Finally, when working with monitoring equipment to measure high-frequency signals, consider the test leads and the reference you are using for the signal. The electrical noise shown in Fig. 1, on page 24, is a capacitively coupled signal into the leads of the oscilloscope. A separate reference lead was being used to measure the signal to a ground that was several feet away. The oscilloscope's instruction book states that the separate reference lead can only be used in low-frequency measurements. When the proper shielded-reference lead was connected (a short tail that connects to the probe), the noise disappeared.
We also found that, with this particular oscilloscope, it was necessary to unplug the battery charger because the power cord could also provide a path for capacitively coupled interference.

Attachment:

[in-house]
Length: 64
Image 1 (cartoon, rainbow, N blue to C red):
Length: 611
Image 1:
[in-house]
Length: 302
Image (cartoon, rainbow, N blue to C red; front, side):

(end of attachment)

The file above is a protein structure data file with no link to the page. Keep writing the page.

When you're in the process of troubleshooting an interference problem, first inspect the grounding system to make sure it's adequate for the type of power system. Of course, it's not always necessary to find the source of an interference to mitigate the problem. Knowing the possible methods in which interference can be introduced into the equipment will provide a framework for an investigation. If your investigation includes using a power quality monitor, then make sure you know the limitations of that piece of equipment and its connections. Following these steps may not eliminate the interference ghosts, but it will certainly help keep them at bay.
Robert J. Schuerger is a Senior Associate at EYP Mission Critical Facilities in Los Angeles, Calif. You can reach him at firstname.lastname@example.org.
Van Doren, Dr. Thomas. “Grounding and Shielding Electronic Systems.” Short course. University of Missouri, Rolla, Mo.